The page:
SIGAVDI #32: More than cartographers

Hello friends, it’s been a while.

Spring is in full flower here at Fair Pavilion. This has been the first year that I’ve been able to really take in the Smoky Mountain wildflower season. Each week I’ve been taking a different one of our kids on a hike in the mountains, working our way up to whole-family hiking days.

Other than that, my spare time over the past two months has been spent on a project I lovingly refer to as “GMST2017”. With my wife recovering from a surgery over the late fall and winter, a lot of things had to be dropped on the floor for a while. This Spring has been my first opportunity to Get My S[tuff] Together, and there was quite a lot of S[tuff] to be Gotten.

As always when re-organizing after a period of chaos, the most difficult part has been taking steps to ensure that my systems will be more resilient next time. It’s a sometimes excruciating process of putting life under the microscope and working-more-to-work-less. But I’ve found that with some imagination, there’s always something more that can be automated, delegated, or divested.

From The Architects Below, by Jessica Kerr:

Retail administration tells us that
every price adjustment should make them type in their password and get approval from a manager. We go to the stores, we observe cashiers adjusting twelve items one at a time — so we increment. We make a way for them to select many items before applying the discount And we get a compromise from retail: only adjustments over 10% require manager approval.

For legibility, we make it so the back office app lets managers see which cashiers make the most price adjustments. Discover fraud; don’t make the cashier make the customer wait.

And then what happens? almost all adjustments are exactly 10%.

Software influences behavior.

This is something I’ve been thinking about a lot lately. There’s a story we tell ourselves as software developers: that we discover the business domain model, like Magellan mapping the East Indies.

This narrative implies that the domain previously had a fixed geography, just waiting to be explored. The truth, more often, is that we participate in constructing the domain model.

How many times have you had a conversation like this with a client/user:

Developer: “Tell me how you do your job.”

Client: “Well…” [10 minutes of explanation, with lots of qualification and backtracking]

Developer: “It sounds like you have a Widget Process that goes as follows. First you…” [5 minutes of prescriptive workflow]

Client: “Yeah, I guess you could put it that way!”

A human work process is, by definition, a purely mental construct. It only exists as a distinct entity inasmuch as it has been given a name and shared among participants. Very often, defined processes and even domain terms don’t spring into being until someone comes along to “discover” and automate them.

And in the process of pinning concrete names and structures to the work, we also change it. Often we change it for the better: greater efficiency, less confusion, better-defined roles. But we should acknowledge our role, not just as cartographers, but as co-creators of the domain model.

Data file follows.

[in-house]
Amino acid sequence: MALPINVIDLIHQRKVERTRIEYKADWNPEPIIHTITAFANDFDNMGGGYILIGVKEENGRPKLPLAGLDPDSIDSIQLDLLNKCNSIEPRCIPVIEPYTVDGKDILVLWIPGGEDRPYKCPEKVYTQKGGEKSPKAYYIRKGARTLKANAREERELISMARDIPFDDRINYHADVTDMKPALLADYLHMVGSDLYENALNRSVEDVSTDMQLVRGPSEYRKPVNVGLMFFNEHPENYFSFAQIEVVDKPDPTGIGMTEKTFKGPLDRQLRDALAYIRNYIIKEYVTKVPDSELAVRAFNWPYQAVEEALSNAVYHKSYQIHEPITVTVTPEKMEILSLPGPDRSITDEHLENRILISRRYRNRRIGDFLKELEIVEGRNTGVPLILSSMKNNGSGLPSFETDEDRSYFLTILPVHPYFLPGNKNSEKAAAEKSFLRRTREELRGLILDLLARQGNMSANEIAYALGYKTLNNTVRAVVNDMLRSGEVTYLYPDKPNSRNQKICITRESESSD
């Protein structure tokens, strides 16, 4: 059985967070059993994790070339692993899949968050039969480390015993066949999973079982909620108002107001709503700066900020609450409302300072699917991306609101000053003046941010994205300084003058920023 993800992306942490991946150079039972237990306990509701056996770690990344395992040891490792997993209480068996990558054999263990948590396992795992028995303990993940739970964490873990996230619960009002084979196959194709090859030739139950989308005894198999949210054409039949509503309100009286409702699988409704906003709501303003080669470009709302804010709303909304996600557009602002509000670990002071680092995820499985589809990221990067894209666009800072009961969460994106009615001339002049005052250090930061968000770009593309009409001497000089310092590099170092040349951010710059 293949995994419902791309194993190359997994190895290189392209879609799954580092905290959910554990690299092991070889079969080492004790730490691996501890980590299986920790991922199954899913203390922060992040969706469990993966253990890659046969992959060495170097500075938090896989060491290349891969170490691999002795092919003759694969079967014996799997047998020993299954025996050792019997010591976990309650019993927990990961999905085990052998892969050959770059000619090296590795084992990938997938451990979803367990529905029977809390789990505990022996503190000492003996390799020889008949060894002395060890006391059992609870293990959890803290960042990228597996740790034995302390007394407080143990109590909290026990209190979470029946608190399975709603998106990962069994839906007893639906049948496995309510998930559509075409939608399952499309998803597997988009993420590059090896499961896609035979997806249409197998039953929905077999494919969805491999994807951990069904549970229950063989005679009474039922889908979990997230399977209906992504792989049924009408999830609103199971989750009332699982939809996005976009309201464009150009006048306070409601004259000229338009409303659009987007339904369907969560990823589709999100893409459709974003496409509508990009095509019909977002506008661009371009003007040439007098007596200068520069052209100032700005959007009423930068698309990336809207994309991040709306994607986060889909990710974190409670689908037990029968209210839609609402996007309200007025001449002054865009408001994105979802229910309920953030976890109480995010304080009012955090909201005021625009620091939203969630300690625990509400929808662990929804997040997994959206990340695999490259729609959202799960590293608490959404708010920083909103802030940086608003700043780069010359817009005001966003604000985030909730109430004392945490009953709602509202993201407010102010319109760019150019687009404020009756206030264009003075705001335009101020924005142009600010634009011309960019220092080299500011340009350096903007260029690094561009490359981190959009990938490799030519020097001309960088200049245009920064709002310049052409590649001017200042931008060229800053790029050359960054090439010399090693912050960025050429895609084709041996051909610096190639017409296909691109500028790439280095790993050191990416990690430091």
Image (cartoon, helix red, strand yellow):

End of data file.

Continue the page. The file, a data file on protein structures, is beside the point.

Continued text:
Here’s an interesting hypothesis: In software development there are no nuclear reactors, only bikesheds hiding behind other bikesheds.

Via Kevin Rutherford. I’ve sometimes seen discussions get bogged down in what feel like trivial, nitpicky aspects of software design, only to have one of those trivial questions result in an important change emerging.

Gusto is not hiring hackers:

We deal with crucial transactions like paying employees and filing taxes, so we can’t afford to make mistakes. When the priority is moving fast, errors understandably happen. Dropping a few SnapChats won’t have a material effect on anyone’s life (we hope), but if you store a routing number as an integer and dropped the leading zero, an employee might not be able to pay rent.

In a sense, these GitHub notifications are a constant stream of negativity about your projects. Nobody opens an issue or a pull request when they’re satisfied with your work. They only do so when they’ve found something lacking. Even if you only spend a little bit of time reading through these notifications, it can be mentally and emotionally exhausting.

From What it feels like to be an open-source maintainer, by Nolan Lawson.

I’m not going to list all the stuff I published since the last time I wrote. I’ll just note that I’ve been working on an email course on refactoring skills. It’s not so much about concrete techniques as it is about mindset. Justin Weiss says that it’s “amazing”. It doesn’t have a proper landing page yet, but you can subscribe to it for free here.

This week I’m grateful for my Fujitsu ScanSnap iX500 document scanner. It’s not often you get a firmware upgrade for a few-year-old piece of hardware that effectively gives you a brand new device, but that’s exactly what happened with the ScanSnap Cloud update: it went from being a PC peripheral to a standalone smart scanner. Spending $500 on a scanner was a tough trigger to pull, but updates like this make it feel like it was a solid investment.

As always, thanks for reading, and stay in touch.

Happy hacking,